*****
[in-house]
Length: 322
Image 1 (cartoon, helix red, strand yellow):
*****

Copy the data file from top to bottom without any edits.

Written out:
[in-house]
Length: 322
Image 1 (cartoon, helix red, strand yellow):